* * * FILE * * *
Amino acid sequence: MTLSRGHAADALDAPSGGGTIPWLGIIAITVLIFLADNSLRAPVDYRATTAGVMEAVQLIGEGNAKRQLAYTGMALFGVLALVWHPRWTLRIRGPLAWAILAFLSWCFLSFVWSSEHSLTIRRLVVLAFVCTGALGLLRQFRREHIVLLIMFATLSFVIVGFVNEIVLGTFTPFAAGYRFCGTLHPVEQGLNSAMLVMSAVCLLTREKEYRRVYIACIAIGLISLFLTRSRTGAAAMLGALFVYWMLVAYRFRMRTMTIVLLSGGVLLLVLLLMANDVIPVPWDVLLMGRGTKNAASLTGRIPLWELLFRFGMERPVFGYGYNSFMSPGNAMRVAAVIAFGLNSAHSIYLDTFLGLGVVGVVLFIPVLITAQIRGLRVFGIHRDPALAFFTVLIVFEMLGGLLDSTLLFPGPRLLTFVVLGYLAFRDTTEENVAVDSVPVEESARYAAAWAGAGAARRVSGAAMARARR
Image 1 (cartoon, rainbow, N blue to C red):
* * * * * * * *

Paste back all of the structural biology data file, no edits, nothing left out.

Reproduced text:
Amino acid sequence: MTLSRGHAADALDAPSGGGTIPWLGIIAITVLIFLADNSLRAPVDYRATTAGVMEAVQLIGEGNAKRQLAYTGMALFGVLALVWHPRWTLRIRGPLAWAILAFLSWCFLSFVWSSEHSLTIRRLVVLAFVCTGALGLLRQFRREHIVLLIMFATLSFVIVGFVNEIVLGTFTPFAAGYRFCGTLHPVEQGLNSAMLVMSAVCLLTREKEYRRVYIACIAIGLISLFLTRSRTGAAAMLGALFVYWMLVAYRFRMRTMTIVLLSGGVLLLVLLLMANDVIPVPWDVLLMGRGTKNAASLTGRIPLWELLFRFGMERPVFGYGYNSFMSPGNAMRVAAVIAFGLNSAHSIYLDTFLGLGVVGVVLFIPVLITAQIRGLRVFGIHRDPALAFFTVLIVFEMLGGLLDSTLLFPGPRLLTFVVLGYLAFRDTTEENVAVDSVPVEESARYAAAWAGAGAARRVSGAAMARARR
Image 1 (cartoon, rainbow, N blue to C red):